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Valley Park mayor to continue fight against illegal immigrants
VALLEY PARK, Mo. (AP) -- A suburban St. Louis mayor said he will continue efforts to rid the city of illegal immigrants despite rising legal costs and opposition from other city officials.
Valley Park's Board of Aldermen voted earlier this month to stop enforcing an ordinance aimed at cracking down on landlords who rent to illegal aliens.
Board members said they were concerned about legal costs that currently stand at about $80,000 to defend the measure in court. They also wondered whether Mayor Jeffery Whitteaker had harmed the city's image.
Alderman Dan Adams believes Valley Park should stop trying to tackle immigration law. "This is a problem that is probably a little too large for us," he said.
Whitteaker told the St. Louis Post-Dispatch in Thursday's edition that he will veto the board's vote.
"I'm looking at it as an investment in the future," he said. "I couldn't sleep at night knowing we quit in the middle of the road."
It would take at least six of the eight aldermen to override the mayor's veto.
Since last summer, Valley Park has spent about $80,000 on its city attorney and two outside lawyers to defend the city's stance against illegal immigrants. The city has received $8,000 in donations to help offset the cost, some after it solicited contributions on its Web site.
In July, Whitteaker and the board enacted an ordinance that fined businesses and landlords $500 for hiring and renting to illegal immigrants.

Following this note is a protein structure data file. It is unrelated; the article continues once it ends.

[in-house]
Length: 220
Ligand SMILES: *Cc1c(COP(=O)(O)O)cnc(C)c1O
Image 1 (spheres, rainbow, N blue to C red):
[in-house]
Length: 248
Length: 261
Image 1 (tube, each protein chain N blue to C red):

A coalition of lawyers sued the city in September. Their lawsuit, filed on behalf of three landlords and the Metropolitan St. Louis Equal Housing Opportunity Council, argued that the measure hurt businesses, caused racial profiling and promoted housing discrimination.
This month, a judge ruled that the city's original ordinance violated state law. But city leaders had already repealed the ordinance and enacted another.
The new ordinance denies occupancy permits to landlords found renting to illegal immigrants. But the board, worried over the possibility of another legal battle, voted 7-1 on March 19 to repeal that ordinance also.
Linda Martinez, one of the attorneys who sued the city, said the board's vote alleviated her concerns. But if Whitteaker vetoes the board's vote, the city risks another lawsuit, she said.
The issue will likely come up at the board's next meeting on Monday.
Several residents said at the last meeting that the city's efforts to combat illegal immigration had become too costly for a city of 6,500 people and a budget of $2.7 million.
Information from: St. Louis Post-Dispatch: www.stltoday.com